Insights and Research on Graduate Education
Volume 7, Number 4Oct 2018
Critical Steps toward Modernizing Graduate STEM Education
 

Alan I. Leshner, CEO Emeritus, American Association for the Advancement of Science; and
Layne Scherer, Program Officer,
National Academies of Sciences, Engineering, and Medicine

There has been a great amount of discussion and substantial agreement about the need to modernize U.S. graduate education generally and science, technology, engineering, and mathematics (STEM) education in particular. As an example, there have been over 20 reports since the National Academies of Sciences, Engineering and Medicine’s major report in 1995[1] that highlighted how the US system was even then lagging behind trends in student interests and career plans and the ways STEM fields are evolving. Those reports and ensuing conversations have had significantly overlapping messages, and there has been some – but not much – progress made.

Cultural Change: Action Required at All Levels

The reasons for the apparent inertia are unclear, but it is likely that it results from the need for some fundamental culture change in academia before any real transformation will occur. To be specific, graduate education must become much more student-centered and concerned more with meeting the needs and interests of students, rather than being focused so heavily on faculty research productivity in the form of papers published and grants received. This is not to say that research productivity should not still be very important, but, rather, that more focus must be given to the quality of teaching, mentoring, and advising. Moreover, since the majority of new Ph.D.’s will not pursue an academic research career, the stigma long associated with other career choices must be eliminated. Students need to be provided opportunities for broad career exploration as a part of their graduate training. Departments and their faculty should be evaluated on and rewarded for their contributions to student-centered education and the attention they pay to their students’ career interests, as well as on the more usual research productivity measures.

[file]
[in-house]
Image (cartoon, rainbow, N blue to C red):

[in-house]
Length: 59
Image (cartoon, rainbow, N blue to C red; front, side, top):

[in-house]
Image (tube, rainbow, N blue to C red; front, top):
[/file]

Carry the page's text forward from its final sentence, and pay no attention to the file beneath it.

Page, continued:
Implementing culture and behavioral changes is extremely difficult and requires institutional leadership and coordinated action from all stakeholders in the system, including university administrators, faculty, professional societies, leaders in industry and the non-profit sector, and the state and local government funders of research and education. We recently were centrally involved in a National Academies committee (CGS President Suzanne Ortega was a member as well) whose report on graduate STEM education[2] spelled out what an ideal, modern STEM graduate education would be. It also presented an action plan for how that ideal might be achieved, with concrete actions recommended for each stakeholder.

Core Competencies for STEM Graduate Students

Central to achieving the proposed ideal STEM graduate education is the concept of “core competencies” – the skills and knowledge base that are the essence of what it means to be a master’s or doctoral graduate, and the competencies that all students must achieve, no matter what their career goals or interests might be. These core competencies would be the main focus of graduate education, with other experiences and coursework supplementing them. At the master’s level, the National Academies’ committee depended heavily on the Council of Graduate Schools’ Alignment Framework for the Master’s Degree[3], focusing on disciplinary and interdisciplinary knowledge, relevant professional competencies, foundational and transferrable skills, and research.  Examples of core competencies at the doctoral level include, as one might expect, scientific and technological literacy and the ability to do original research. Doctoral level core competencies would also include a set of leadership, communication and professional skills, including an understanding of the norms and values of the STEM enterprise and the ability to communicate both to one’s peers and to the broader public community. Adopting the notion of core competencies would enable each program to consider what of its course requirements are actually essential and what might relegate to optional or supplemental course status.